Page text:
The Lucene4 plug-in for GraphDB provides very fast facet (aggregation) searches, which are normally available through external Apache Solr services, but have the additional benefit to stay automatically up-to-date with the GraphDB repository data.
Lucene2 indexes each relevant statement (triple) as a single Lucene document. This feature is very beneficial for maintaining an index up-to-date, but leads to a few undesirable effects such as returning a single entity more than once for a given search (because more than one literal matches the query) and inability to sort by specific predicates. The Lucene4 plugin creates a single Lucene document per entire entity, which has a field for each of the predicates listed in the index configuration. This leads to slower update times, but solves the two main problems posed above. These decisions have some other minor implications described below. Another significant feature of Lucene4 is the facets support (which is built in Apache Lucene 4.x.x).
The predicates index option is now mandatory and must not be empty. Indexing all predicates for a given entity is not supported.
The additionalJoins index options from Lucene2 have been removed in Lucene4. It can be emulated though. Consider the following Lucene2 index creation:
In order to do this in Lucene4, create the same index, but add urn:join to predicates instead of additionalJoins:
The filtering itself is done through searching. Since Lucene4 creates Lucene document field for each predicate and the field name is exactly the predicate URI, you can utilize that through the Lucene query syntax:
The optionalJoins parameter is still present in Lucene4. Entities that have the specified predicate values OR lack predicates completely are indexed, while the rest of the entities are not. The optional joins predicate values are indexed as the other predicates in a Lucene field per predicate, which allows to search for specific values, as described above in the Additional joins section.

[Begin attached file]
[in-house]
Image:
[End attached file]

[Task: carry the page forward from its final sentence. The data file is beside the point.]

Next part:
For example, if you create the following index:
and then insert some entities:
Querying on urn:join is possible as in the additional joins, in the example above:
Entities that do not have the optional join predicate get a default value. The default value is OPTIONALJOINDEFAULT and can be set by using the optionalJoinDefaults index option. For example, with the above entities, searching for
will return only
To specify different default values for <urn:join>, create such an index:
Optional join predicate values are indexed, but not tokenised, which means that queries for them should match exactly.
To create an index, issue the following SPARQL update query
where <index-options> can be a combination of the following options, separated by a semicolon ';':
Indices might become corrupt due to disk failure or other issues. The luc4:healthCheck predicate returns a list of indices along with their health status. In the example below, ?uri will bind to
These examples will help you understand how to create an index and then execute searches on it.